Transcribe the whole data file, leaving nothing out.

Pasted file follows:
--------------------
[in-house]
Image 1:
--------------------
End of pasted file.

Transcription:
[in-house]
Image 1: